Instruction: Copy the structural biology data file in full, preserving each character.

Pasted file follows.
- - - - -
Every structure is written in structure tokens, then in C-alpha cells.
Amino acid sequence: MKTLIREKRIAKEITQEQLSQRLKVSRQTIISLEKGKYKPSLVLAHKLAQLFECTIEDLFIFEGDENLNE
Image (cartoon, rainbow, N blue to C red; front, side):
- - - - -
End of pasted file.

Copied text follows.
Every structure is written in structure tokens, then in C-alpha cells.
Amino acid sequence: MKTLIREKRIAKEITQEQLSQRLKVSRQTIISLEKGKYKPSLVLAHKLAQLFECTIEDLFIFEGDENLNE
Image (cartoon, rainbow, N blue to C red; front, side):